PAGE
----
Still, the nostalgic feelings began to creep into McGee’s perceptions and therefore into the numbers, which Gemma wanted to counteract in a concrete way.

“I fell a little bit back in love with all of them after every single interview,” McGee says. “I think part of the rose tint is remembering the innocent parts of the relationship and the parts that were really fun, but also remembering an innocent version of myself.” And so one of Gemma’s variables is the “rose tint corrector.”

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As she began the show’s first draft, one of McGee’s colleagues suggested she write everything down until she reached the end of the story. But when McGee read the manuscript out loud for the first time, she realized 60,000 words would equal about six hours on stage.

“I told a friend and she said, ‘Oh, you wrote a book!’ So I cut it down for the stage show. But in the back of my mind, a seed had been planted that there was probably a book’s worth of material.” Although she now says it’s cringy, during the first round of performances, McGee stuck a Post-it on her dressing-room mirror that said, “Book Deal.” Whether trying to manifest a dream is embarrassing or not, McGee did meet a literary agent at that show who helped her write the book proposal, which was later picked up by Doubleday Canada.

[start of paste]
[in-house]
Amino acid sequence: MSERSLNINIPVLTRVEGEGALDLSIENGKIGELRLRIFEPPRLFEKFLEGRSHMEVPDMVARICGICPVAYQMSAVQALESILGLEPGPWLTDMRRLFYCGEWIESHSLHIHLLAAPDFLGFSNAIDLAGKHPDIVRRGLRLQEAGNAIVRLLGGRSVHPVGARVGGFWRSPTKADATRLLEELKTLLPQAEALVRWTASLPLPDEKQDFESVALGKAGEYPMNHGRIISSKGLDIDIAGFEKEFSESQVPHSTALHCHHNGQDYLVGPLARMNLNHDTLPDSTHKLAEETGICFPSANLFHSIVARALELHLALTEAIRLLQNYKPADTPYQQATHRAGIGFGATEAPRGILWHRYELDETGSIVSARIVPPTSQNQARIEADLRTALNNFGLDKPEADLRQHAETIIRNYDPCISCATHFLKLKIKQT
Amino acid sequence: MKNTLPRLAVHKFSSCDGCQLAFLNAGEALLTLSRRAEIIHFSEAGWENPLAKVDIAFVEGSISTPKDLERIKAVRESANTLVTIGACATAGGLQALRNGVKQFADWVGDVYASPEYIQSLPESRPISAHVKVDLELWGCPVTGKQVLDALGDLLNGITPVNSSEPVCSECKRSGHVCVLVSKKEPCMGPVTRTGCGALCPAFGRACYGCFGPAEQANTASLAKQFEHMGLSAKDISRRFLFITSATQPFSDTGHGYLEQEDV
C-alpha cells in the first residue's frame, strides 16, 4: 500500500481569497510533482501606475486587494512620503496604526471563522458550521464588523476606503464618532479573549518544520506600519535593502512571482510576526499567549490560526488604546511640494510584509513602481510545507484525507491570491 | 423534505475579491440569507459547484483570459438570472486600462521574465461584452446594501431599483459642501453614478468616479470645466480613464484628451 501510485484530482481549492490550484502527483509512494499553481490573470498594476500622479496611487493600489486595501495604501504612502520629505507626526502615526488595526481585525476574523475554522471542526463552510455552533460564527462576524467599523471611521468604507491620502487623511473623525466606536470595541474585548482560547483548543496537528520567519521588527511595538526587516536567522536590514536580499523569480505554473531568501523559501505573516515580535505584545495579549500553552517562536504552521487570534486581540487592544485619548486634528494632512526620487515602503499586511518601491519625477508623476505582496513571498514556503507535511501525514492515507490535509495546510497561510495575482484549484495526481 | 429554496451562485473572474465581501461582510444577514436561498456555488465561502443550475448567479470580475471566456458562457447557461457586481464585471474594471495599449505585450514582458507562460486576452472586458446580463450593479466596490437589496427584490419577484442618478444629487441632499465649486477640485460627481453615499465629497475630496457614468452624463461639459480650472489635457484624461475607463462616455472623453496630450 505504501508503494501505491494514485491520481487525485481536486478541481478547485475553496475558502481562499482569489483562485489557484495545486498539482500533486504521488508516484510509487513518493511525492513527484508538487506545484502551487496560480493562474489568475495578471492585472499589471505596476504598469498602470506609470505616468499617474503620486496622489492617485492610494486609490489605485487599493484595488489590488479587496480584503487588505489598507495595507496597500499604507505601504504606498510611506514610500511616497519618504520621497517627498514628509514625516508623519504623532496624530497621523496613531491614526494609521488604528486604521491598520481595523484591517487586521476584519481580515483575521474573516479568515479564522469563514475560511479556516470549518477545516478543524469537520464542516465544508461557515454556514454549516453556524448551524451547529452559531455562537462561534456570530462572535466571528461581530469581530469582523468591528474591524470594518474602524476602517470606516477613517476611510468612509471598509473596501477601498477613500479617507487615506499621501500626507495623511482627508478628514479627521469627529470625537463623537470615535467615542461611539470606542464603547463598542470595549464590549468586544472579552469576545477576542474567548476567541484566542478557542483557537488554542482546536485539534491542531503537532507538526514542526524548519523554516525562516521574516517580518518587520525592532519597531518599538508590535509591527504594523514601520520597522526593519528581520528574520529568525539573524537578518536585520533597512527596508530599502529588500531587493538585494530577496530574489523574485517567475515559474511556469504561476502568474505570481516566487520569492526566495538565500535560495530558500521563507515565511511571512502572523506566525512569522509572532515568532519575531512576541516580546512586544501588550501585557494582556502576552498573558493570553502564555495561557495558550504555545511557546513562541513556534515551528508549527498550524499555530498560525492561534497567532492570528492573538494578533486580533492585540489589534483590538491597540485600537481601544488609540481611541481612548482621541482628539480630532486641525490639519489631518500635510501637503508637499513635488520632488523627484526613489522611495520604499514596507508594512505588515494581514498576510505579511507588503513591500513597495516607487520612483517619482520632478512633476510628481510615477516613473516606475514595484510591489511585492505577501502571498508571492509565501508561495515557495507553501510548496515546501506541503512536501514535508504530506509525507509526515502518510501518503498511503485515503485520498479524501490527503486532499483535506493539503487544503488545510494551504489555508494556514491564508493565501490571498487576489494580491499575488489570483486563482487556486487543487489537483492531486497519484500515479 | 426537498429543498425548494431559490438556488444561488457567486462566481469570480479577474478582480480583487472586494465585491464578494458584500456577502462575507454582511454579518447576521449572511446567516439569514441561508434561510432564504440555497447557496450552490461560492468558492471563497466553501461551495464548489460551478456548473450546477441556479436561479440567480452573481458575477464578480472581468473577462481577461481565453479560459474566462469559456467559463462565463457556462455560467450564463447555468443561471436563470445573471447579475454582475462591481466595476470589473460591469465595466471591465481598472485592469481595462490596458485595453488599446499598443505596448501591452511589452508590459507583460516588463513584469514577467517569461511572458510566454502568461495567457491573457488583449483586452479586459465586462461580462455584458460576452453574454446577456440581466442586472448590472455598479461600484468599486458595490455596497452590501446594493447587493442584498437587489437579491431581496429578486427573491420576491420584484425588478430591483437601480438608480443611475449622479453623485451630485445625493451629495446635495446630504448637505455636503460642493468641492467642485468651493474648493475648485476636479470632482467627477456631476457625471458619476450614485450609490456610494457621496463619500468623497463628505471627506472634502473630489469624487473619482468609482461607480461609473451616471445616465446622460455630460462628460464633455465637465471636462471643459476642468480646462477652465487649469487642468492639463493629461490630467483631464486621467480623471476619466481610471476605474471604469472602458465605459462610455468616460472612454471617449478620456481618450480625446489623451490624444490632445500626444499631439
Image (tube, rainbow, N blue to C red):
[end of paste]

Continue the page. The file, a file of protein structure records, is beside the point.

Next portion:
Reading “The Ex-Boyfriend Yard Sale” is like sitting down with a personal self-help team. McGee is a therapist (without the hourly cost) and a financial counsellor (no finger-wagging), led by a fun friend who has no qualms about sharing her personal views on sex and relationships, and who isn’t afraid of admitting mistakes she’s made throughout her own love life.

The book also includes appendices featuring a nine-page legend to all of the factors that feed into the seven formulas, which are easy to understand with context. While readers might weigh factors differently, or shy away from the algebra, there is value in these templates for assessing one’s own romantic life.

“The Ex-Boyfriend Yard Sale” is inspiration to not just take inventory of our closets, but to assess our own behaviour in a relationship.

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“One of the lessons that came from trawling through all my past relationships and taking stock of them in a methodical way was around my own blind spots about myself,” McGee says. “How critical and hard on people I’ve been on the people I’ve dated. I’ve been accused of being a person for whom nothing is ever good enough. That’s a common thread that I kept buried until this exercise and it’s been very useful because I’ve had to confront it.”

Another lesson McGee hopes the book imparts is that, despite societal pressures, the ultimate value of a person’s worth isn’t whether they’re in a relationship.

“Surely the answer is not being coupled at all costs,” McGee says. “The prize is living honestly, and with integrity.”

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Sue Carter is deputy editor of Inuit Arts Quarterly and a freelance contributor based in Toronto. Follow her on Twitter: @flinnflon